2011 St. Peter’s Fiesta Saturday

2011 St. Peter’s Fiesta Sunday.

All photos by The New England Journal of Aesthetic Research. We’re exhibiting highlights of our photography of the past three Fiestas in the front windows of Mystery Train in Gloucester until July 3.
The statue of St. Peter is carried up Beach Court after the last evening of the Novena, Tuesday.

The St. Peter statue is returned to the St. Peter Club Tuesday night to await the formal beginning of the Fiesta on Friday.

During today’s Greasy Pole Contest, one of the later walkers wraps his fingers around the flag as he falls, but is unable to pull it off the pole.

The next walker swipes at the flag–and misses–as he loses his balance and falls from the pole.

Joey Dasilva grabs the flag–and victory.

Confetti flies into the air during the opening ceremonies at the outdoor altar in St. Peter’s Square.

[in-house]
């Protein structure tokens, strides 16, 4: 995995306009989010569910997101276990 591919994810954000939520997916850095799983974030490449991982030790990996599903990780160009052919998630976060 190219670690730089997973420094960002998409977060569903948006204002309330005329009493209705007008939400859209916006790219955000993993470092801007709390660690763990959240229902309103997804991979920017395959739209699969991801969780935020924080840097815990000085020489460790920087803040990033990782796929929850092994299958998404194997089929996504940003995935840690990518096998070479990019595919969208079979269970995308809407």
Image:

Pulp Fiction Paintings” at Brooks School

Thursday, June 23rd, 2011

From our review of “Pulp Fiction Paintings: Selections from the Robert Lesser Collection,” which closed June 11 at the Robert Lehman Art Center at Brooks School (sorry, we didn’t post this sooner, uh, we’ve been busy):

A tank with a giant drill on the front erupts from under the street of a burning city. Marching behind it is an invading army in gas masks and armed with tommy guns. A woman flees. Secret Service Operator #5 — America’s Undercover Ace reaches for her. A blond guy in a neat white shirt with a black “#5″ armband, our pistol-packing hero leads a battered and bloody militia that’s making a last stand in this late-1930s nightmare pulp fiction.